• My family: A trip in December last year to my brother’s wedding in NZ that took us three months to financially recover from – after we got home (We spent savings we needed for the New Year. (Great wedding – sad wallet)
  • One of my friends: A trip to the U.S on the credit card, then consolidated into the mortgage that they’re still paying off with huge interest

So now I’m at my desk drinking coffee and I’m researching this stuff…

Travelling on a credit card

Here’s something to ponder:
If you are a credit card lover here are some facts about travel you might want to know:

  • Nearly 60%* of Australians don’t pay their credit card in full each month
  • Many pay anywhere from 13.5 to 20.5% + interest on their trips
  • 20% gets wiped out any perceived ‘special deal’
  • A $5000 trip becomes $6000
  • Many people are encouraged to ‘consolidate’ their credit card debt into their mortgages
  • Many holiday-goers end up spending more than the original ticket price and pay their trip off for a much longer period compounding the problem

This begs the question:

What’s it all for – this treadmill of work and no fun?

  1. Surely there’s an answer to this.
  2. Surely I can turn my FIJI dream (I’ve had this dream a long time) into reality.

Here are a few reasons why I need to get to FIJI

  • Because life is for living
  • Tired people need a rest
  • Everyone needs to recharge
  • Life is short
  • The kids need a break – renovations are hard on them
  • I work like a dog and I’m tired
  • I need me, me, me time and more me time
  • Family time
  • I want to lie on a real beach NOT in a spa pool dreaming of one
  • I like the idea of a family friendly holiday
  • I need to go somewhere there’s a kids club

I like people who can turn my dreams into reality

My mother said to me once:
“We always get what we want.”
I love this expression and I find this is true over time. Eventually I believe you can make anything happen.
So another drum roll…
I was absolutely, overwhelmingly chuffed to discover this fantastic concept, idea and website where I can do this:

LAYBY MY HOLIDAY – YEY!!!!!!!!!!!!

Seriously – I felt as happy as these people:

I wasn’t even aware this was possible and in fact, I discovered it’s a brand new new concept in Australia.
In brief – I can Layby my next holiday for as little as $2.14 per person!!!

Yippeee – we’re off to FIJI!!!!!

Here’s the visual of me in FIJI in 12 months time (my kids are at kids club and hubby is out on a boat).

Here’s how this works at Layaway Travel and it’s so simple:

  1. Choose your destination – View the packages or design your own. Travel alone or take a group. It’s up to you.
  2. Select your options – Extra days or extra people? Choose your layby payment period from 3 to 24 months.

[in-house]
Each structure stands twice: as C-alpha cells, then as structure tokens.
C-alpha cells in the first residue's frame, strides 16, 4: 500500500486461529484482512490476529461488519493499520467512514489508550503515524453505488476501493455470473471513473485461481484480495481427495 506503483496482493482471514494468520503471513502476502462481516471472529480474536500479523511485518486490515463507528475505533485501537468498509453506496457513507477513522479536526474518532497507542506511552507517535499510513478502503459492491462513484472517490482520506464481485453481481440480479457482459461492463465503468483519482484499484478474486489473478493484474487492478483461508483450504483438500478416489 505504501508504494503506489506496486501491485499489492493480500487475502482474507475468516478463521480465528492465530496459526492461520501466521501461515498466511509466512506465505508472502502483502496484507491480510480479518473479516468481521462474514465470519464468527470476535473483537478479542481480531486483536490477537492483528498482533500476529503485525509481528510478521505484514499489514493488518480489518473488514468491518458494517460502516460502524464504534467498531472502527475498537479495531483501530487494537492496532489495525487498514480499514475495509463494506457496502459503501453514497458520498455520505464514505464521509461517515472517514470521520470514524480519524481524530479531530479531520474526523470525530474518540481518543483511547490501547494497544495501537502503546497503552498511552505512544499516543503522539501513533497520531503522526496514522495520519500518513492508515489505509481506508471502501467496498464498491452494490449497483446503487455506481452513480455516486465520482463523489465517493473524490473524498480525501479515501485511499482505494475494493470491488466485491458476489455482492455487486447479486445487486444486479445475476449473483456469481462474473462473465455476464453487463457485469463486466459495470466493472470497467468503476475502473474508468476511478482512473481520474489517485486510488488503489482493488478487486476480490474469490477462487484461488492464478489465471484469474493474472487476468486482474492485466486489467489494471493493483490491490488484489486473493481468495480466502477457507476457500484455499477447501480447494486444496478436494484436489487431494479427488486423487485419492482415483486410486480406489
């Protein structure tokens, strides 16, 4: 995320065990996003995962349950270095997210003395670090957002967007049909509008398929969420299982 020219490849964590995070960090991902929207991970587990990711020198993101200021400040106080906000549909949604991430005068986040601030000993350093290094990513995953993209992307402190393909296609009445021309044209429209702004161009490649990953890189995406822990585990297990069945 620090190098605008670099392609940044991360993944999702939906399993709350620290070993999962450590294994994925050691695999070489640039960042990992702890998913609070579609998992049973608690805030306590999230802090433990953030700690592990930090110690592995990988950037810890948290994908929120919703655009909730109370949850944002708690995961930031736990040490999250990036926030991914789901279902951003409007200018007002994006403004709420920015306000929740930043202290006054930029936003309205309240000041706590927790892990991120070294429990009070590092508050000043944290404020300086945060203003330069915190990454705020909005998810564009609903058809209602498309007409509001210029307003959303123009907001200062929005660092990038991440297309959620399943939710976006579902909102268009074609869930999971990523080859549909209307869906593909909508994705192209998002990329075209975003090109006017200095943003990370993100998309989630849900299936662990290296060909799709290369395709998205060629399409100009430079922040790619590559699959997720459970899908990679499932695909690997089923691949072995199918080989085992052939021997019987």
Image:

3. Start your payment plan – Daily, weekly or monthly layby schedule. You choose. You focus on the fun stuff.
  4. Time to get packing! They send your tickets and documents and you get on your way.

Important discount for Savings Room subscribers

I was so excited about this site that I got in touch with Layaway Travel and asked them for a discount for my subscribers. So if you submit this code: Savings100Room when booking with them you’ll receive $100 off your booking or credit to go towards a meal, Champagne, facial, jet ski hire or whatever you like. 


Here are the current destinations they have on offer:

Screen Shot 2016-08-08 at 9.38.18 am

Stay tuned for my next exciting post where I’ll be:

  1. Reviewing best time to go to FIJI (I’m thinking August 2017)
  2. What options we’ll be selecting

I’ll also be posting more about our impending trip on social media – so stay tuned for that too.

We’re all so excited!!!!

Goodbye Melbourne arctic weather – hello sunshine!!!!!

Until then – no more spa pools for me. I’m putting that $7 towards my trip!
Follow my trip on Facebook and Twitter.

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I’m freezing

Winter weather, especially in Melbourne, is a test. Us mums have been battling the fierce winds of the school run with brellies, hats and puffer jackets on. I’ve been standing at the preppie line shivering with the rest of them. I’ve been giving my daughter extra hugs for warmth and popping my hand out of its pocket into a shivering goodbye semi-wave.
Female hands holding knitted winter mug close up. Woman hands in white and blue mittens holding a cozy knitted cup with hot cocoa, tea or coffee. Winter and Christmas time concept.
I do confess I’ve been using other mums as human windshields in the schoolyard. We chatter on about the price of heating and electricity (always too high), what’s for dinner (can’t be stuffed) and who’s doing what in the school performance (and where is it and when?). We’re chuffed any of us even made it to school in this arctic cold. Trees have actually fallen in the winds this year. Most days, I walk away from that scene feeling like my ears will snap off and craving coffee. Job done.
She did look so damn cute in that line, and I’m so glad I’ll at least remember it 🙂

Domestic not-bliss

Now I am a typical time-poor working mum. In my case, you can put that idea on steroids. I’m in the fourth year of a mammoth home renovation, which hubby and I are now calling ‘a development.’ This week is ‘bathroom and build three walls week.” In between I work on several businesses in the dust and grime that is my nearly done half house. I do it all while ‘on a budget’ scrimping and saving on just about everything along the way.